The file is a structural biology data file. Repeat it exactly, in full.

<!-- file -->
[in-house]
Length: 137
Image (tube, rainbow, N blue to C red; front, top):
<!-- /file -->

[in-house]
Length: 137
Image (tube, rainbow, N blue to C red; front, top):